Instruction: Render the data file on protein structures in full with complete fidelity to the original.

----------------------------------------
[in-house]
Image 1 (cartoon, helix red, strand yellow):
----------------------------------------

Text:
[in-house]
Image 1 (cartoon, helix red, strand yellow):